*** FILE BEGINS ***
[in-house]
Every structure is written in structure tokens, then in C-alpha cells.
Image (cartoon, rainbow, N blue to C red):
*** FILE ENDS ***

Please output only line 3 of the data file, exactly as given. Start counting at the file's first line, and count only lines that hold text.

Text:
Image (cartoon, rainbow, N blue to C red):